Encryption? Hardware or Software?

I’m investigating Encryption options and have come to the conclusion that there are simply too many options to be had and that I should just go to sleep and try and pick it up tomorrow.

Seriously.

Right now we’re using the Veritas Encryption licence, which of course runs as a part of the NetBackup client and encrypts data before it’s sent out over the network.  The server then takes the encrypted data and writes it directly to the backup image.  (In our case, disk)

I’m looking at the type of in-line encryption engines to go between the media server and the tape libraries, since the primary purpose of encrypting the data is to protect the off-site tapes.

Decru (www.decru.com) is a Network Appliance company.  They makes one that is highly regarded, that is supposed to work at near line-speed.

I’m looking for a little dialog on pluses and minuses of both. 

I’ve always been so focused on the SAN, that I don’t get to play with the network end of things. 

 I’ve used/implemented the Cisco encryption engines for RDF/Ethernet with moderate success replciating from New Orleans to Philidelphia.  (A DR implementation that was put to a highly successful test three short months later)  But the issue is, that I’ve always been the one who has had to deal with what someone else bought, and have never been involved in the purchase decision.

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    • on September 13, 2006 at 8:09 am
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    May want to look at Neoscale.. they have an in-line tape encryption device that seems to work pretty well. Basically its a box with target ports and initiator ports — you plug them all into the SAN, zone your media server to the target ports, and zone the initiator ports to your tape devices. Then you can enable/disable encryption with Netbackup policies.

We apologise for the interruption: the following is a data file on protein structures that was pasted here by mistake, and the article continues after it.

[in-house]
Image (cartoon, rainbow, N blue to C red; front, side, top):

They also have a disk encryption device, which sits physically in-line between the array target port and the fabric. You enable/disable encryption at the LUN level.

    There is little to no performance impact for either the tape or disk encryption units. Both of those devices are for data at rest encryption though.. no encryption in transit.

    That’s about the extent of my knowledge with the Neoscale stuff.. 😉

    • Jesse on September 13, 2006 at 11:05 am
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    I think we’re most concerned about the tape encryption. Being a financial institution, sending data off-site, even to a storage vault, gives people shivers. Especiallly with all the media coverage agencies have gotten in the past few months.

    Thanks for the input. I’ll post our decision when the time comes. 🙂

    • on September 13, 2006 at 1:27 pm
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    I tend to agree with scummins about the NeoScale devices, I havent really seen one in action but I have friends who have implemented them with great success, and from my own research, they seem to be the best thing out there as far as an inline device. You can order as many smart cards as you want, and send one of those off-site as well, in case of a total disaster.

    IBM and Sun (StorageTek) both have high-end drives that can perform the encryption on the drive, I dont know too much about it, but I do know that the T10000 drive from Sun can really perform also (160MB/s) I believe.

    PS.. Did scummins serve in Baghdad recently?

  1. Definatley good information –

    I’ve always been a proponent of hardware over software for sheer performance. Just as you don’t ever want to use software mirroring of disk devices if you can avoid it.

    • on September 13, 2006 at 4:12 pm
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    I do work in the Federal space, but I’ve never actually been enlisted, and I’ve never been to Iraq…

    Must be thinking of someone else 😉

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